With the taught component of Semester 1 well and truly behind us, we’re all getting our teeth into our research projects now and beginning to discover the big, wide world of research…! The last few weeks have been a real change from the rest of our academic careers so far as we’ve begun to get started with our research projects. During Semester 1, we all had an idea what our projects would be on, but the time came for us to dive in at the deep end and get a project proposal submitted. The projects are all based on areas that Marwell have identified as requiring research. Our supervisory team includes a member of Marwell’s Conservation Team who specialises in our project area and leads the corresponding area of conservation work at Marwell, giving us the best starting point we could ask for! With the help of our supervisors and many, many hours of reading, projects were planned out, budgets were created and risk assessments were completed; all were typed up into proposals and handed in by some very content MRes students! Since our next deadline is not until the end of August (!!!), we thought we could spare an evening to head to Dani’s and watch Disney films all night, with talk of work banned!
To keep us all grounded in the real world, there’s been mini projects to be getting on with alongside our research projects. It’s been hard to find the time to slot them in, but they make a great break from our projects and a nice chance to all get together again! In February, before people disappeared off to sunnier climates, we had our first public engagement workshop. This was led by Hilary, Marwell’s Public Engagement Coordinator. We talked through the basics of presentation skills and how to engage your audience and talk in an interesting and interested voice. Going through the basics was useful considering some of us haven’t done much presentation work before. We also tried ‘Just A Minute’ on various topics and got in a tangle with some tongue twisters…! Public engagement features a fair amount in conservation and this workshop was the first in a series designed to teach us valuable skills in communicating our work to a wider, non-scientific audience. We’ll also get the chance to be hands-on with public engagement towards the end of the course and present some of Marwell’s species talks to the public!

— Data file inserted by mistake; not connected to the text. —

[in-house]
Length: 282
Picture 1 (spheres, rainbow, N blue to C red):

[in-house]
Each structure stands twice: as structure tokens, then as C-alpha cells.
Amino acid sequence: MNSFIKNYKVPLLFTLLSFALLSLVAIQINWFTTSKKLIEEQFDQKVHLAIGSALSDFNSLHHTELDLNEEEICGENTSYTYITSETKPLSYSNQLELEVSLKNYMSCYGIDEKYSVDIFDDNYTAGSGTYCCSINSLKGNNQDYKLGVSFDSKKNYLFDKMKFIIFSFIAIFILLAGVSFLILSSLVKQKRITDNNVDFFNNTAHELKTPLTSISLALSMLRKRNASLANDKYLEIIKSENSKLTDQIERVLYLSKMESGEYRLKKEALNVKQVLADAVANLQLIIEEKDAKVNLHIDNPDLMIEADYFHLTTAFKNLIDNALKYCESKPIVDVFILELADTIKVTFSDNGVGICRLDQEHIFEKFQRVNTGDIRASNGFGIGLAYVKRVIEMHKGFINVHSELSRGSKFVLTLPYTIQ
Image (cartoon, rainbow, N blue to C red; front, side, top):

We’ve also rennovated the sand lizard enclosure at Marwell where they house a breeding population of around 10 Dorset sand lizards. Over the past year, their enclosure had become rather overgrown so we researched what their ideal habitat comprises and presented our findings to Dr Martin Wilkie (who leads the sand lizard project at Marwell) and the other members of the Marwell Conservation Team. They liked our ideas and we arranged a date to head up to the enclosure with Martin for a day to do some weeding on an ENORMOUS scale! The weather was kind to us, the thorns were not, and after a few hours of battling with unwanted gorse bushes and artfully arranging slates and rocks, we’d created a sand lizard paradise! Well, I perhaps wouldn’t go that far, but the lizards seem impressed with the new décor! We finished the day in the traditional style for Pancake Day at Rachel’s house; many pancakes were consumed! Now the lizards are waking from hibernation, we’ve taken on some of the day-to-day responsibilities with them, such as feeding and monitoring and it’s proving to be a very nice break from sitting at a desk!
That pretty much gets you up to date with our news for now; the rest of our time is being spent working on our individual projects! Just to quickly update you with how they’re going: Rob is now back from his data collection out in Tunisia and has probably seen enough small mammals to last a lifetime! Laura has gone back to Lewa Wildlife Conservancy in Kenya for her data collection and we’re all envious of the pictures she keeps sending us! Rachel and Dani’s desks at Marwell are becoming their second home as they get their questionnaires ready to send out to zoos across Europe. Nat is getting final preparations underway for her data collection in Kenya and I’ve started work up at Eelmoor, where the weather is not quite as fine as Kenya!
Check back over the coming weeks for more detailed individual updates on how people’s projects are going!
Written by Eleanor RendellsPosted By : Eleanor Rendells